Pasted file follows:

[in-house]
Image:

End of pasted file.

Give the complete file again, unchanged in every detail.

[in-house]
Image: